Tag Archives: Lord Mayor’s Show

The Lord Mayor’s Show

The Lord Mayor's Show in 1836, by David Roberts

Today is the day of the annual Lord Mayor (of the City of London)’s Show …

Richard I appointed the  first (Lord) Mayor of London, Henry Fitz-Ailwyn de Londonestone, in effect to run the City,  in 1189; and John granted the City the right to elect its own Mayor in 1215 (the “Mayoral Charter” is now in the Guildhall Heritage Gallery).  The prestige of the position was such that the by-then Mayor, William Hardel(l),  was invited by John to be  a witness to the sealing of, and an Enforcer or Surety of, the Magna Carta, later in 1215.  Magna Carta granted the City of London “all its ancient liberties and free customs, both by land and by water”.  In exchange, the Crown required that, each year, the newly elected  Lord Mayor present himself or herself at court to ceremonially “show” his or her allegiance.  This  event eventually became the Lord Mayor’s Show we know today.  Interestingly, the  associated parade of the mayor and his or her entourage, from the City to  Westminster, used to take place  on the Feast of St Simon and St Jude at the end of October, whereas now it takes place on the second Saturday in November.  The parade also used to take place on the water, whereas now it takes place  on land – although the mobile stages are referred to as “floats”.  It travels, accompanied by much pomp, from the Lord Mayor’s official residence, Mansion House,  past St Paul’s Cathedral, to the Royal Courts of Justice, where the Cities of London and Westminster meet.

Election of the Lord Mayor of the City of London

FitzAlwyn.JPG

Today, Michaelmas Day,  is the day of the election of the new Lord Mayor of the City of London, the leader of the City of London Corporation, in the so-called “Common Hall” in the Guildhall (*).  According to equally long-standing tradition, the new Lord Mayor will formally assume office, in the so-called “Silent Ceremony”, on the Friday before the second Saturday in November; and the Lord Mayor’s show will take place on the following day.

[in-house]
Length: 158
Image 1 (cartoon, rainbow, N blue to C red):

(*) The first (Lord) Mayor to be appointed, by King Richard I, was Henry Fitz-Ailwyn de Londonestone, in 1189.  The first to be elected by peers, under the “Mayoral Charter” of King John, was Serlo de Mercer, in 1215.  Such was the prestige of the position that  the by-then Lord Mayor, William Hardel(l), was invited by King John to be  a witness to the sealing of, and an Enforcer or Surety of, the Magna Carta, later in 1215.

The Lord Mayor (of the City of London)’s Show

Today is the day of the annual Lord Mayor (of the City of London)’s Show.

statue-of-fitzalwyn-holborn-viaduct

Richard I appointed the  first (Lord) Mayor of London, Henry Fitz-Ailwyn de Londonestone, in effect to run the City,  in 1189; and John granted the City the right to elect its own Mayor in 1215 (the “Mayoral Charter” is now in the Guildhall Heritage Gallery).  The prestige of the position was such that the by-then Mayor, William Hardel(l),  was invited by John to be  a witness to the sealing of, and an Enforcer or Surety of, the Magna Carta, later in 1215.  Magna Carta granted the City of London “all its ancient liberties and free customs, both by land and by water”.  In exchange, the Crown required that, each year, the newly elected  Lord Mayor present himself or herself at court to ceremonially “show” his or her allegiance.  This  event eventually became the Lord Mayor’s Show we know today.  Interestingly, the  associated parade of the mayor and his or her entourage, from the City to  Westminster, used to take place  on the Feast of St Simon and St Jude, on October 28th, whereas now it takes place on the second Saturday in November.  The parade also used to take place on the water, whereas now it takes place  on land – although we still call the mobile stages “floats”.  It travels, accompanied by much pomp, from the Lord Mayor’s official residence, Mansion House,  past St Paul’s Cathedral, to the Royal Courts of Justice, where the Cities of London and Westminster meet.